By the turn of the century, Mobile's population had increased and shifted west. The Daughters of Charity did the same, moving the hospital to 1504 Springhill Avenue. This second hospital, a Mediterranean-inspired stucco building, opened its doors in 1902 and, according to reports at the time, it was "modern in every respect and the pride of South Alabamians." Providence would begin a series of "firsts" in 1904 when it established a school of nursing, the first in Mobile and only the second in the state of Alabama.
In 1908 an east wing was added to the building, which remained largely unchanged until 1950. That year the population of Mobile was 230,000, and Providence Hospital, even with the additional wing, contained only 100 beds. It was time to build again.
The third Providence Hospital was planned to provide the finest diagnostic, therapeutic and preventive care to the sick and injured. In late February 1949 ground was broken on land in front of the second facility on Springhill Avenue. Three years later the Daughters of Charity moved into this $4 million modern marvel with their first patients.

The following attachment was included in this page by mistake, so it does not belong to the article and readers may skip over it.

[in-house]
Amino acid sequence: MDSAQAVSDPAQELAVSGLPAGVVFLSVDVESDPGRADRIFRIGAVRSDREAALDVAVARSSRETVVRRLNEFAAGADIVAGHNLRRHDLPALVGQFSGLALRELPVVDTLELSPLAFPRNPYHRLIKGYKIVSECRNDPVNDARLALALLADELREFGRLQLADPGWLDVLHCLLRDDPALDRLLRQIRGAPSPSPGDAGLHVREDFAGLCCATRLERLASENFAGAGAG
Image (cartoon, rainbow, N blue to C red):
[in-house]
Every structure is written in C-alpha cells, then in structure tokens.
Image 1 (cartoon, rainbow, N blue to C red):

The Mobile Register reported in October 1952 that "With 250 beds, a battery of a dozen operating rooms, all the latest facilities for the care and comfort of sick people, this hospital is a great new health asset for Mobile and the adjacent Gulf Coast area. Planned for maximum efficiency, the building is impressive in appearance."
It seems a bit quaint today, but two of the hospital's features that created headlines at the time were the fact that it was completely air-conditioned and had fluorescent lighting. Several additions were made to this building over the years, and Providence continued its series of "firsts," including kidney dialysis, neurangiography, magnetic resonance imaging, health and wellness services, pastoral care and family-centered maternity care.
Population shifts and limited space at Springhill Avenue caused the Daughters of Charity to make the very difficult decision to relocate Providence Hospital from its 11-acre site to a 250-acre campus west of town.
The quickly changing world of treatment and diagnostic technology required either a complete renovation of the existing facility or the building of a new one.
In 1982 the Daughters chose to move and designed a hospital that even today is futuristic. The $60-million facility accepted its first patients on July 15, 1987.
Nearly twenty years later, Providence continues to be Mobile's most advanced healthcare facility, with a patient-centered design unique in the area.
However, the hospital has not lost sight of the calling that inspired St. Vincent, St. Louise, St. Elizabeth Ann, as well as its local founders. Our physicians and associates continue to be inspired by the words of St. Vincent de Paul,"It is God who has called you here because you are going to do good work."